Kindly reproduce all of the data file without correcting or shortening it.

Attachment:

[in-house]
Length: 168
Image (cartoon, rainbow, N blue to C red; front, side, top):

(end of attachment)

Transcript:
[in-house]
Length: 168
Image (cartoon, rainbow, N blue to C red; front, side, top):